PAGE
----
The first dishes that came out were from the barbecue menu.  We tried the barbecued spare ribs and the crispy Macau style pork belly ($5.95 each).  Both were fantastic. IMG_5725 The honey spare ribs were lip-smacking good minus the bones, but the taste was similar to Korean kalbi ribs with a soy marinade that was both sweet with a little salt mixed in.  Then there was the pork belly. IMG_5728 Talk about a contrast of flavors and textures.  The top of the meat had a thin yet crunchy skin of sugar and perhaps a bit of cinnamon that was the perfect compliment to the multi-layered and uber-tender and juicy pork.  IMG_5731These nuggets came with a side bowl of sugar to dip them in, but I found it to be a bit excessive.  We also had a side of fried sticky rice, but I was not impressed at all by this bland and flavorless pick.  We moved on from the meaty opening salvo to more traditional dim sum options like the barbecue pork buns, fried sesame balls, siu mai, shrimp egg rolls, and chao zhou dumplings. IMG_5741 All of the dim sum plates are priced based on size with small ($3.15), medium ($3.85), large ($4.25), and special ($5.50).  I won’t go into tons of detail with most these plates since I’ve tried these a million times over.  I did love my bbq pork buns because they were fluffy and filled with that sweet sweet char siu style pork.  As for the sesame balls, the ones at MingHin are my new favorite ones because they aren’t filled with my old enemy of the Far East:  red bean paste. IMG_5733 Instead, they are filled with a more neutral and less obnoxious white bean paste.  What I found out at a later visit is that if you get the giant fried sesame ball, they just give you fried slices of the chewy rice paste that is coated with plenty of savory sesame seeds and no beans to be found.  Another stand out in this meal were the chao zhou dumplings I ordered.  They were filled with pork, but two huge surprises were the crunchy peanuts and the slightly spicy kick with each dumpling.  Another great pick were the shrimp egg rolls. IMG_5739 They were slightly addicting with their crunchy, golden-brown exteriors that were light and not greasy at all with plenty of shrimp inside.  While all of these choices were quite standard, I knew I had to try something new, something slightly frightening to those who are happy to stick with the tried and true favorites.  Enter the pork knuckle and lotus root. IMG_5734 When it was placed in front of me, it looked intimidating, but I’m not one to back down from a culinary challenge.  I picked up a piece of the burgundy flesh, and it was oddly soft.IMG_5742  It was like eating ginger-flavored jelly.IMG_5735  It was slightly unsettling but not terrible once I got used to it.  I also tried one of the lotus roots as well, but it left me with a sour taste in my mouth.  I’m glad I tried it, but I won’t get it again.  I’ll just stick to chicken feet.  By the end of the meal, we were quite happy with the food we got and for the reasonable price.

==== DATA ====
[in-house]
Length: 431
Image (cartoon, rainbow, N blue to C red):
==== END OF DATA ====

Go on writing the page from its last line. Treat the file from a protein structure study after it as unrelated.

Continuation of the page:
So, if you’re looking for a new and high quality dim sum eatery, check out MingHin Cuisine!  It’s a small slice of culinary amid the jungle of restaurants, and it’s fun for the whole family!  Afterward, you can check out everything Chinatown has to offer including their square of zodiac signs among many other sights.